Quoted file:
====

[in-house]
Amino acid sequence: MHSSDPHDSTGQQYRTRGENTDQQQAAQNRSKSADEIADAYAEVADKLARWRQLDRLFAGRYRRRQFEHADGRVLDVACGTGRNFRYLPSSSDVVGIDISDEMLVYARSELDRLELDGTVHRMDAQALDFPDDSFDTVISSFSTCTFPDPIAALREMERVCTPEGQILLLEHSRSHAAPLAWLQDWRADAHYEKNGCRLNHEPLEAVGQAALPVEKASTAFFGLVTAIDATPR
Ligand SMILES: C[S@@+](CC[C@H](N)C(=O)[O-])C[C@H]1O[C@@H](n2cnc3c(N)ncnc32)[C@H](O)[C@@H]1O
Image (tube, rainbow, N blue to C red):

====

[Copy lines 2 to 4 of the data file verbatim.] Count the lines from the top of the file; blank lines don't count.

Amino acid sequence: MHSSDPHDSTGQQYRTRGENTDQQQAAQNRSKSADEIADAYAEVADKLARWRQLDRLFAGRYRRRQFEHADGRVLDVACGTGRNFRYLPSSSDVVGIDISDEMLVYARSELDRLELDGTVHRMDAQALDFPDDSFDTVISSFSTCTFPDPIAALREMERVCTPEGQILLLEHSRSHAAPLAWLQDWRADAHYEKNGCRLNHEPLEAVGQAALPVEKASTAFFGLVTAIDATPR
Ligand SMILES: C[S@@+](CC[C@H](N)C(=O)[O-])C[C@H]1O[C@@H](n2cnc3c(N)ncnc32)[C@H](O)[C@@H]1O
Image (tube, rainbow, N blue to C red):